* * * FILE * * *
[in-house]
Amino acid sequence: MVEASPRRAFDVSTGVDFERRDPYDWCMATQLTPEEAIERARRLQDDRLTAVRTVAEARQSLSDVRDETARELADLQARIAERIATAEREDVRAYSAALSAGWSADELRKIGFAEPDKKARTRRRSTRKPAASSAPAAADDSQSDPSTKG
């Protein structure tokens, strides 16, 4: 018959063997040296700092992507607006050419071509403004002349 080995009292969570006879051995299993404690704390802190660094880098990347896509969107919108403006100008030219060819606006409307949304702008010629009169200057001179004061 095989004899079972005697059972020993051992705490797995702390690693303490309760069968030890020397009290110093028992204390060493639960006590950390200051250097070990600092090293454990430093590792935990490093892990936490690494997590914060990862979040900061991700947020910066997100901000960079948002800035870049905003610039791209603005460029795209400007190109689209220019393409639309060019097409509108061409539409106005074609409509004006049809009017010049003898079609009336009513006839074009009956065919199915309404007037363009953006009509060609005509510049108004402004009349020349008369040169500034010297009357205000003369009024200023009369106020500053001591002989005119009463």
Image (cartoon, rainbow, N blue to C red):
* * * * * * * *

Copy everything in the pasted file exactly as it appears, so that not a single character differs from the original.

[in-house]
Amino acid sequence: MVEASPRRAFDVSTGVDFERRDPYDWCMATQLTPEEAIERARRLQDDRLTAVRTVAEARQSLSDVRDETARELADLQARIAERIATAEREDVRAYSAALSAGWSADELRKIGFAEPDKKARTRRRSTRKPAASSAPAAADDSQSDPSTKG
């Protein structure tokens, strides 16, 4: 018959063997040296700092992507607006050419071509403004002349 080995009292969570006879051995299993404690704390802190660094880098990347896509969107919108403006100008030219060819606006409307949304702008010629009169200057001179004061 095989004899079972005697059972020993051992705490797995702390690693303490309760069968030890020397009290110093028992204390060493639960006590950390200051250097070990600092090293454990430093590792935990490093892990936490690494997590914060990862979040900061991700947020910066997100901000960079948002800035870049905003610039791209603005460029795209400007190109689209220019393409639309060019097409509108061409539409106005074609409509004006049809009017010049003898079609009336009513006839074009009956065919199915309404007037363009953006009509060609005509510049108004402004009349020349008369040169500034010297009357205000003369009024200023009369106020500053001591002989005119009463």
Image (cartoon, rainbow, N blue to C red):